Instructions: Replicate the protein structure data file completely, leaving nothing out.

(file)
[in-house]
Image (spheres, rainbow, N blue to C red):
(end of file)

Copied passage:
[in-house]
Image (spheres, rainbow, N blue to C red):